The constant presence, and overwhelmingly positive response to the cab driver story tells me that there is, in almost all of us, a yearning for the light. We want to be the good person, the one who does the good thing, the one who makes the proper response to the situation. Yet, sadly, and far too often, we do not. That I did so in that moment in the cab back in the mid 1980’s does not make me a good person. It makes me a person who, for one moment, did something that was good. As a dear friend of mine once said, “Most people just slog through the world trying to be kind.” That’s what I was doing on that unexceptional August morning when an exceptional moment broke through the ordinariness of an ordinary day.

If I wrote a book about all the times I failed to do the right thing, or actually did something mean spirited or jerky, it would be far longer than the book of my better moments. But you don’t need to hear about those. You have your own mean spirited and jerky moments, and the world is full of folks who celebrate those moments by indulging their cynicism and skepticism. The cab drive story was a reminder to me, that I passed on to you, that we do have our better angels, and that we should assert them when we can. That the overwhelming majority of you appreciated the story is simply proof that we all feel better on those occasions when we do let our better angels have their voice.

In this time when dominance is praised as strength, where skepticism is often more prudent than trust, where disengagement is safer than engagement, we need to be reminded that the kind gesture that makes us vulnerable and serves no practical end is often the best gesture of all. The cab ride, for me, was one of those gestures.

I am pleased that so many people have found it. I only hope that they will follow it backward to the source. Forget the word, “Lord.” Replace it with whatever term you use for your understanding of the Creator or spiritual force that animates this universe. But don’t forget the next phrase: “Make me an instrument of your peace.” That’s what the world needs now. That’s what I was trying to be on that cab ride. That’s what I’ll try to be today.

I hope you will do the same.

41 comments

  1. Wendy says:

    Kent,
    You brought me to tears…’nuff said.
    Wendy

  2. Eric Read says:

    What a story to find early in the morning. I ordered and received your book on Thursday afternoon. After quickly skimming through it, I have placed it close by to begin reading next week. I delay because I am trying to finish Neither Wolf nor Dog. Thank you for all that you do.
    Eric

  3. Mark says:

    Kent,
    As always, you make me think, and feel, which, for me, sometimes borders between the miraculous and the terrifying.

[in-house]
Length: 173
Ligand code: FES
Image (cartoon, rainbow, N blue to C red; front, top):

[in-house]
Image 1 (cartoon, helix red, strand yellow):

Having worked the ‘blue hours’ for many years I can tell you that more goes on, in the world, in your head, in your heart, than the average person would credit during these hours of the wolf. The vast majority of the world sleeps at night and knows litle, or wants to know, of the possibilities of the night.
    Further, as a thirty year veteran cop in a big city, I can also confirm that regular examples of the extremes of the good in us and the bad occur almost nightly. Cynicism is an occupational disease for cops, and the constant exposure to the bad side of humanity ruibs off, callouses our hearts, and,yes, we have our own demons to battle.
    But if I had a nickel for every act of good, self-sacrificing or selfless behavior I have been priviledged to witness, I would, indeed, have one great pocketful of nickels. Not just on the part of my brethern officers, but concerned citizens who, for a moment, drop their masks and offer succor, hope, concern, and open heart and a hand to someone who needs it.
    We are all dark and light, Kent, but even now I am proud and filled with wonder that I can say that I believe there is more of light, more of goodness, and more of the spark of the Creator within us than the darkness, if we only acknowldege it and let it shine forth from our souls.

    Peace on All your Paths,

    Mark

  4. Caroline says:

    Kent,
    I read the cab story last year (I don’t remember where), during a time where I was questioning everything in my life and wondering if I truly was making any difference in the world. The story resonated so deeply with both my husband and I. It struck a very deep place in me. The timing synchronized with my spirit. I’m walking my simple path again, feeling hope. Truly, every time I am fortunate enough to have a person open up and show some of their bare self to me, I am always amazed at the tenacity and courage of life and nature in all its forms.
    Thank you C

  5. Jane says:

    Thank you, Kent, I needed to hear this from you today. I hope you are enjoying a peaceful Feast of St. Francis. Peace be with you.